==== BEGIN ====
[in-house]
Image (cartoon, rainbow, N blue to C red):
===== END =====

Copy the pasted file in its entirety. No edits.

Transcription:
[in-house]
Image (cartoon, rainbow, N blue to C red):